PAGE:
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Bob Grove’s Penguins Notebook

Grover’s Look at the Penguins and the NHL: Sidney Crosby can’t stop scoring, the Devils look to Jacques Lemaire for salvation, and the Pens’ struggles on the power play may be for the reasons you think.

Penguins’ captain Sidney Crosby had put together a seven-game scoring streak, fairly pedestrian stuff for him, when Tampa Bay’s Steven Stamkos delivered a hat trick in Philadelphia Nov. 18 that not only gave the Lightning a crazy 8-7 victory but also turned up the talk about Stamkos’ ability to reach hockey’s magical 50 goals-in-50 games plateau. He had 19 goals in 19 games at the time.
The following night, Crosby had one goal and four points in a 5-4 win over Carolina. He had a goal the following game against Florida, and five days later began a six-game spree in which he scored 11 goals to rocket past Stamkos for the NHL scoring lead – and goal-scoring lead. The seven-game streak became a 22-game streak, Crosby’s longest ever and matching the longest streak in 17 years in the NHL, and not coincidentally the Penguins won 12 straight games for the second-longest run in team history during that stretch.
All of which swiveled the hockey spotlight back to Crosby and turned up talk about just where he might ultimately reside in the discussion of the game’s greatest players. Those discussions will be ongoing and passionate for years to come, but there is a way to put what Crosby has been doing this season into an historical perspective.
In the first edition of Total Hockey in 1998, Dan Diamond and Associates debuted their “Adjusted Statistics,” which use formulas to account for differences in length of schedule, roster size (when applicable) and scoring environments – the latter based on calculations involving the average number of goals scored in a particular season by all players.  The goal is to “flatten out” factors in the evolution of the game and try to put their numbers on the same plane.
The data from that project was licensed to Sports Reference LLC, whose vice president Justin Kubatko is a Kittanning native who got his bachelor’s in statistics at Grove City College and then a master’s in applied statistics from Ohio State. We asked Kubatko to compare Crosby’s current season with Gretzky’s numbers from 1981-82 (when he scored a career-high 92 goals) and Mario Lemieux’s numbers from 1988-89 (when he scored a career-high 199 points), translating the latter’s numbers into today’s game.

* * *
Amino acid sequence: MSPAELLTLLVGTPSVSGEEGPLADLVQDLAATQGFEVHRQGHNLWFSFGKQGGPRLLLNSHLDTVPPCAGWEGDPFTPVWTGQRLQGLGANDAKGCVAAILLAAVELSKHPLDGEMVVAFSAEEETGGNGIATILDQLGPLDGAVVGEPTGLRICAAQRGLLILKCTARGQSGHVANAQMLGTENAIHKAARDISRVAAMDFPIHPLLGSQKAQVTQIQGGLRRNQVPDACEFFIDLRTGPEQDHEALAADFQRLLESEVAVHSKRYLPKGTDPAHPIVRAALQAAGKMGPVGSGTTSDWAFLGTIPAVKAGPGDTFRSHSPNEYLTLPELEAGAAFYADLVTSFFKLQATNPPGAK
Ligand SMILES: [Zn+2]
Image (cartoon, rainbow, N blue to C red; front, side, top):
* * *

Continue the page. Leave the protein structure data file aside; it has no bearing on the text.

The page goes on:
Crosby was on a pace to score 66 goals and 136 points this season. Gretzky’s numbers translated to 62 goals and 145 points in today’s game, while Lemieux’s translated to 65 goals and 154 points. That should keep the discussion going for a while.
The New Jersey Devils kept their coaching vacancy in the family when they hired long-time Devil winger and farm team coach John MacLean to step behind the bench this season. But after they fell to 9-22-2 on the season – last in the 30-team league – the Devils fired MacLean and to no one’s surprise brought back another family member in Jacques Lemaire to replace him.
Lemaire, of course, is in his third stint with the Devils, having led them to the Atlantic Division title last season before being replaced by MacLean after another first-round playoff exit. Lemaire will improve New Jersey’s defensive game, but his arrival puts more pressure squarely on two players: goaltender Martin Brodeur, who has been average lately, and Ilya Kovalchuk, who had just eight goals in 32 games and was a hideous -22.
The Penguins’ power play was ranked just 14th in the NHL as mid-season approached, and it still wasn’t generating many shots. Many believe that’s the problem, but some research put together by PSR suggests otherwise.
Surveying all NHL teams at the quarter pole, we tallied the number of shots they took on the power play and weighed it against their power-play chances to come up with a shots-per-chance figure. It’s true that not all power-play chances are created equally – one lasting two seconds counts the same as one lasting five minutes – but every team has some of those and looking at all teams evens the statistical field.
It turns out that the average number of shots generated by an NHL team during a power-play chance was 1.4 – below what many would assume. The Penguins were below that at 1.33 shots-per-chance, but here’s the really interesting part: of the seven worst power plays in the league at that time, five were among the top 10 teams in shots generated per chance; of the top five power plays in the league at that time, none were in the top 14 in shots produced.
So it seems logical to assume that the quality of the power-play shot is the difference, and we have no way of measuring that. Do we?

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